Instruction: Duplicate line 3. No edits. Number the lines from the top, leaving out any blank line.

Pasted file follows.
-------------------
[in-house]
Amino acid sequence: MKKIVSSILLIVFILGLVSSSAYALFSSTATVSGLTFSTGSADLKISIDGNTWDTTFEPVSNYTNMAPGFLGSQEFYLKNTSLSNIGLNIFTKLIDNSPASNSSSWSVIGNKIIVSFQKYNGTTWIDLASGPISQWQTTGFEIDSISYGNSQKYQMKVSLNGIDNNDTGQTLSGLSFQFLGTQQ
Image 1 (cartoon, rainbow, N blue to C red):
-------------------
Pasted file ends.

Image 1 (cartoon, rainbow, N blue to C red):